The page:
[".Junk",                  nil,                            7],
]

Dir.chdir("/usr/users/swaits/Maildir")

i = 0

archive_list.each do |archive|
         srcdir = archive[0] + "/cur/"
         dstdir = archive[1] ? archive[1] + "/cur/" : nil
         expire = archive[2]

         Dir[srcdir+"*"].each do |oldname|
                 age_s = Time.new - File.mtime(oldname)
                 if age_s > (expire*24*60*60)
                         if dstdir
                                 if File.split(oldname)[1] =~
/^\d+[^:]*(:.*)?$/
                                         newname =
sprintf("#{dstdir}/%d.%d.autoarchive.%07d%s", Time.now.to_i,
Process.pid, i, Regexp.last_match(1))
                                         i += 1
                                         #puts "#{oldname} ->
#{newname}"
                                         File.rename(oldname, newname)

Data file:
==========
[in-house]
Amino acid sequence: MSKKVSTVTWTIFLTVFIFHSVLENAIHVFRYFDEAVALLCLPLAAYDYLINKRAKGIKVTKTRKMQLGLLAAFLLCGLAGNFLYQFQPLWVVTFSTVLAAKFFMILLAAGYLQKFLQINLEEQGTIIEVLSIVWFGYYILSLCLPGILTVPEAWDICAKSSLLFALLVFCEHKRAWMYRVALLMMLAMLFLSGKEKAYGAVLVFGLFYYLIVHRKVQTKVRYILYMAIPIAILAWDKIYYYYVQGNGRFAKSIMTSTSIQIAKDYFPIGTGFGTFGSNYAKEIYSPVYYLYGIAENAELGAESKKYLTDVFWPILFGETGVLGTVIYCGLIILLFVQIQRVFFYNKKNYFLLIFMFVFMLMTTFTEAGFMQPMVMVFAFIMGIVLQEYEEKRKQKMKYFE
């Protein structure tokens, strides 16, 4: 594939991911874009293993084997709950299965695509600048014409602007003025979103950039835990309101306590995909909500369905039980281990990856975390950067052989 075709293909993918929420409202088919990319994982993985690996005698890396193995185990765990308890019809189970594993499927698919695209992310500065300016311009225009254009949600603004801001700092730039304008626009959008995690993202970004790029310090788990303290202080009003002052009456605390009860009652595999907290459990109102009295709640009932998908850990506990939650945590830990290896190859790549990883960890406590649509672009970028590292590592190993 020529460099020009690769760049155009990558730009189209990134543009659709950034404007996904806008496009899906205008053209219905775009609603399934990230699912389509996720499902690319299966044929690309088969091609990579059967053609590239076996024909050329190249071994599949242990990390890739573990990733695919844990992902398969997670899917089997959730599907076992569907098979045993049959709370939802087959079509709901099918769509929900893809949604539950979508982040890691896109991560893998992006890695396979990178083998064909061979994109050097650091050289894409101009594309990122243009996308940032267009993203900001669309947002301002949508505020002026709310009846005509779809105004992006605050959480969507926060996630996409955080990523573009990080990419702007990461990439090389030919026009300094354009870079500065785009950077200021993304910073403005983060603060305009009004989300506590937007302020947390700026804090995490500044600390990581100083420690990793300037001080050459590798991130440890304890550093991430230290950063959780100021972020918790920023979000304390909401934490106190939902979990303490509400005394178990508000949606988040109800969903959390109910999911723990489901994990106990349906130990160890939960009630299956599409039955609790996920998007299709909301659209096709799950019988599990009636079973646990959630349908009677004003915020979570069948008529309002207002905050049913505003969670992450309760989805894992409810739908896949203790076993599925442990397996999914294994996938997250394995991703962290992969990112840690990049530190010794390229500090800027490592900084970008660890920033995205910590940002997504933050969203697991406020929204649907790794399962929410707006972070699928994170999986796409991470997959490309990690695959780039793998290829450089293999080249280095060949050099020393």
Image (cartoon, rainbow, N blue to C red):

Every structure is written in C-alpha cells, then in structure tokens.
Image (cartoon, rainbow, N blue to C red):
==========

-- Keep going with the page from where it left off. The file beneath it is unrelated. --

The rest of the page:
end
                         else
                                 File.delete(oldname)
                                 #puts "delete #{oldname}"
                         end
                 end
                 #rescue SystemCallError
                 #       puts "Error moving #{oldname} -> #{newname}"
                 #end
         end
end
Eric H. (Guest)
on 2006-06-08 04:57
(Received via mailing list)
On Jun 7, 2006, at 3:07 PM, Giles B. wrote:

>> http://seattlerb.rubyforge.org/IMAPCleanse/
>>
>> I'm planning on using per-mailbox Bayesian analysis for phase three.
>> What's interesting to me on this mailing list is not the same as
>> what's interesting on FreeBSD-current.
>
> Bayesian filtering on a topic by topic basis!! Awesome!!!
>
> Integrate that into the mailreader in a transparent way and even Gmail